I just finished a great book, "Be the Pack Leader". It was written by Cesar Millan, known by many from his TV show, "The Dog Whisperer".
"The Dog Whisperer" is not a show where you'll find tips on potty training or teaching your dog commands or anything of that nature. Cesar will tell you himself he doesn't train dogs. He rehabilitates dogs, he trains people.
Cesar is more of a dog psychologist. He shows you how dog behavioral problems stem from being psychologically unbalanced and how those problems can be solved by attaining balance. His philosophies make a lot of sense to me, and that's why I'm such a big fan.
Cesar reminds us that dogs are not people, that dogs need to communicated with on their level, a dog level, not a human level. Spoken language does not exist amongst dogs. Their brains are not equipped to learn any language spoken by their human masters.
While TV commercials, TV shows, and Hollywood movies have done a great jobs of portraying dogs as smart, loyal, and funny companions, they've also given us unrealistic expectations for our own dogs to live up to. A scene from the movie "The Jerk" parodies this. Now, I don't remember word-for-word exactly how this scene plays out, but it goes something like this:
Navin (played by Steve Martin) is sleeping in his motel room along with his dog, a mutt, named Lucky. Suddenly, Lucky awakens, alert. He begins barking excitedly, waking Navin in the process.
"What's wrong, Lucky?"
"Are we being robbed?"
"Is the building on fire?"
"Ruff, ruff, ruff!"
"Oh, my God, the building's on fire!"
Navin and Lucky rush out the door. It's the middle of the night. He's in his pajamas pounding on everyone's door.
"Wake up! Wake up! You have to get out! The building's on fire!"
Cut to a shot with outside the motel parking lot. A large number of people are outside having exited their rooms, everyone in PJ's looking annoyed. Firefighters mill around but no actual firefighting taking place. No sign of smoke anywhere. Navin, hugging the dog, says, "Thank God for you, Lucky. You saved everyone's lives!"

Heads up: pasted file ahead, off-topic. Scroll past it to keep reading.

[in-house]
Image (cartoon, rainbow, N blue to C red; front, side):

A motel guest walking by says to him, "Lucky? You call him Lucky? There's no fire. You should call him Shithead."
From that point on until the end of the movie the dog's name is Shithead.
The sooner we accept the fact that our dogs, no matter much we love them, no matter how smart we think they are, will never learn to understand the English language the better off you all will be.
Dogs live their entire lives never having to speak to each other, yet it is clear that do communicate with one another. How could they, or any animal, survive as a species if not so? Elephants, packs of wolves and hyenas, and primates all live in structured social hierarchies with complex relationships. If they weren't able to communicate with one another to maintain structure there would be anarchy. How do they do it? Body language.
Because we humans rely on words we have come less attuned to body language, but it's not like we have completely lost the ability to do so. For example, if we see someone walking towards us dragging their feet, shoulders slumped, with a deflated look on their face, you'd be able to tell that they were feeling sad, wouldn't you?
Dogs are pack animals. Every dog pack has a leader. Dogs brains are hardwired to think in terms of packs, pack structure, and pack leaders. A dog's owner and the owner's family are all a part of the dog's pack in it's own mind. The dog looks for someone to step up and assume the role as pack leader. If no one demonstrates the leadership behavior that it expects and needs, the dog itself will assert itself as the leader. This manifests itself in the form of behaviors such as excessive barking or nipping, peeing all over the house, and other "bad dog" mannerisms.
What a good dog owner must do is establish and maintain the position of "pack leader". That is what Cesar's book is all about.
I've begun practicing some the things I've just learned from Cesar. For example, when Charlie and Zoe are playing a little too rough, instead of yelling, "Hey, cut it out, you two!", I mentally achieve a "calm-assertive" state, physically separate them with a firm but gentle hand, and look at each of them saying, "Cut it out", in my mind, but never verbalizing it. I try to express it with a look and with body language. And believe it or not, they actually seem to get it!
With continued practice I believe I will be able to master it.
Potty training begins again next week. I am hopeful that these things I have learned will help with that.